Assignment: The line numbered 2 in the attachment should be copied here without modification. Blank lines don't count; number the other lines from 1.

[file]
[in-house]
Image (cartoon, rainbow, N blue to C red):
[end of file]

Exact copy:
Image (cartoon, rainbow, N blue to C red):